In pictures: Egypt's epic Zalaga camel race
On a bitter January morning, the first rays of light pour into the Zalaga Valley revealing dramatic vistas made up of yellow rock swept plains against jagged mountain peaks. The desert’s foreboding calm is interrupted by the bustle of excited men and boys preparing for the day ahead. Few have slept. “There’s a serious sum of money on the line,” says Khedr, 70, an elder among Sinai’s Muzeina Bedouins. In the hours ahead, Khedr’s tribe will battle the rival Tarabin tribe, in an epic 30 kilometre long camel race across the desert. At stake is a four by four, an unannounced cash prize, and most important of all, bragging rights.
The Muzeina and Tarabin Arabs of Egypt’s Sinai peninsula have long lived side by side in relative harmony, but have nevertheless developed a rivalry worthy of centuries old neighbours. Members of both tribes travel from far across Sinai to attend the annual race, which runs between two unmarked points in the desert. At the starting line, children from each tribe mount the camels, flanked by their elders in pick-up trucks. A burst of machine gun fire signals the start of the race and all advance in unison.
The race is a gruelling test of endurance across unforgiving terrain, at a time of year where temperatures can drop close to zero degrees. Still, this is territory the tribes know well. According to tradition, the Tarabin are the descendants of the Quraysh tribe of the Hijaz region in modern-day Saudi Arabia, to which the Prophet Muhammad also belonged. The Muzeina similarly trace their origins back to the Hijaz, specifically between the Muslim holy cities of Mecca and Medina.
Khedr, of the Muzeina, says “the race is all about the competitive spirit”, explaining that a lot of effort goes into making sure the camels are up for the task. “It’s not easy. You need to train the camel for a few years specifically for the task of racing. The camel’s diet is (also) very costly.
The Bedouin tribes of Sinai date their practice of camel racing back to around 300 years ago and the specific iteration, involving chase cars and machine guns, is 30 years old. Camels have long been honoured by nomadic Arabs for their versatility and calm, dignified temperament. Arabian camels were domesticated around 3,500 years ago and have since been used for their ability to carry large loads across vast distances at speeds of up to 40 miles per hour. Their milk and meat is also consumed. Nicknamed "ships of the desert" by the Bedouin, camels are perfectly suited for desert life. Their long lashes keep dust and sand out of their eyes, while their slender legs paired with wide hooves, let them tread the desert sand with ease. Ibrahim Salama, of the Muzeina, says: "It gives you the chills when you watch the camels run together."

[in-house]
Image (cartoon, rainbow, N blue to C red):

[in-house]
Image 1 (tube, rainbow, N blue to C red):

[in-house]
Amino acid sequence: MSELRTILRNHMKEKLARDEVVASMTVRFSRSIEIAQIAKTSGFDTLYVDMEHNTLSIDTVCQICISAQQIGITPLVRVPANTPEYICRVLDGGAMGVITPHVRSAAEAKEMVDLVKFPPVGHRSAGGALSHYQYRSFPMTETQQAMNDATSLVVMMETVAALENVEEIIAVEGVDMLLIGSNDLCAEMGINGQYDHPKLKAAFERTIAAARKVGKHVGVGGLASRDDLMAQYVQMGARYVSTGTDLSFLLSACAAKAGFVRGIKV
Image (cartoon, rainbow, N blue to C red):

Despite extensive development of resort villages in Southern Sinai, such as Sharm el-Sheikh and Dahab, many Bedouins have yet to experience the benefits of the tourism industry. Economic marginalisation has been blamed for fuelling an insurgency against the Egyptian armed forces in Sinai, as well as drug production and trafficking. Smuggling into the besieged Gaza Strip is another source of income. Traditional modes of making a living include animal husbandry, and more recently working as guides for tourists visiting the area.
Bedouin tribes have complained of discriminatory policies by Egyptian rulers, as far back as the colonial British administration in the early twentieth century. One of the most common issues today revolves around ownership of the land, with disputes often between the tribes themselves.
Political worries seem a distant concern when the riders approach the finish. The scene turns into one of adrenaline-fuelled frenzy and machine guns are fired into the air as the race ends. After three consecutive Muzeina victories, the 2021 race was won by the Tarabin.
Given the intensity of the event, accidents involving chase vehicles are common but have not resulted in any serious injury. The coronavirus pandemic has limited the number of people who could attend the 2021 race, but the tribes are keenly aware of the potential to attract tourists. This year several four-by-four vehicles packed with local and international tourists were able to follow the camels throughout the race route. (All pictures by Mostafa Mansour/MEE)
This article is available in French on Middle East Eye French edition.